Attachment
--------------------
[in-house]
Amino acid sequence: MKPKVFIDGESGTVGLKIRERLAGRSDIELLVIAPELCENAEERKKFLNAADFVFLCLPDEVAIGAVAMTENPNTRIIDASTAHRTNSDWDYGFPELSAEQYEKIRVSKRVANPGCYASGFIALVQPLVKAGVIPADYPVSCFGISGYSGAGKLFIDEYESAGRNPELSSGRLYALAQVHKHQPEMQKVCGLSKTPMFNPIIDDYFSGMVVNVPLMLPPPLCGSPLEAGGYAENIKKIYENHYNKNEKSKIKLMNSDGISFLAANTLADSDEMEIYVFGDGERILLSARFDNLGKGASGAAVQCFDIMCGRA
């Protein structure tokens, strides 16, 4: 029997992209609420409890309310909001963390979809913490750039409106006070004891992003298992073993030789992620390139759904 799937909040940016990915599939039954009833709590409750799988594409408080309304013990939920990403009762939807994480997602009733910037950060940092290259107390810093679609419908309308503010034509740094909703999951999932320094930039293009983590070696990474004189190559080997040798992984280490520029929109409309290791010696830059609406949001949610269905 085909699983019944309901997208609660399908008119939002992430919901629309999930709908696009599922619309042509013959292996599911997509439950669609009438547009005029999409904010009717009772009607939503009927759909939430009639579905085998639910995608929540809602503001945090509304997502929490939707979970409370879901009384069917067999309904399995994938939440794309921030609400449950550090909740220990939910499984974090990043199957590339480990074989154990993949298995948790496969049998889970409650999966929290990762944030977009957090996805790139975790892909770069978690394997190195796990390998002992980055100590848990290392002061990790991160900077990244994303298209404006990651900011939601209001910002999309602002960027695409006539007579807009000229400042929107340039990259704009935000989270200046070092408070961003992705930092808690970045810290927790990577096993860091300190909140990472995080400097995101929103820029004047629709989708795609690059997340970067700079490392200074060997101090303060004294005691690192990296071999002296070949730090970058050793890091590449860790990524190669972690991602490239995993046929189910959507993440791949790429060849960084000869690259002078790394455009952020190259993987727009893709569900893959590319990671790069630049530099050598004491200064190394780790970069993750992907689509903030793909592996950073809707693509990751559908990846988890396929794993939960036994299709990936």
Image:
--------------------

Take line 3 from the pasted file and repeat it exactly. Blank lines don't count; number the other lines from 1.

């Protein structure tokens, strides 16, 4: 029997992209609420409890309310909001963390979809913490750039409106006070004891992003298992073993030789992620390139759904 799937909040940016990915599939039954009833709590409750799988594409408080309304013990939920990403009762939807994480997602009733910037950060940092290259107390810093679609419908309308503010034509740094909703999951999932320094930039293009983590070696990474004189190559080997040798992984280490520029929109409309290791010696830059609406949001949610269905 085909699983019944309901997208609660399908008119939002992430919901629309999930709908696009599922619309042509013959292996599911997509439950669609009438547009005029999409904010009717009772009607939503009927759909939430009639579905085998639910995608929540809602503001945090509304997502929490939707979970409370879901009384069917067999309904399995994938939440794309921030609400449950550090909740220990939910499984974090990043199957590339480990074989154990993949298995948790496969049998889970409650999966929290990762944030977009957090996805790139975790892909770069978690394997190195796990390998002992980055100590848990290392002061990790991160900077990244994303298209404006990651900011939601209001910002999309602002960027695409006539007579807009000229400042929107340039990259704009935000989270200046070092408070961003992705930092808690970045810290927790990577096993860091300190909140990472995080400097995101929103820029004047629709989708795609690059997340970067700079490392200074060997101090303060004294005691690192990296071999002296070949730090970058050793890091590449860790990524190669972690991602490239995993046929189910959507993440791949790429060849960084000869690259002078790394455009952020190259993987727009893709569900893959590319990671790069630049530099050598004491200064190394780790970069993750992907689509903030793909592996950073809707693509990751559908990846988890396929794993939960036994299709990936």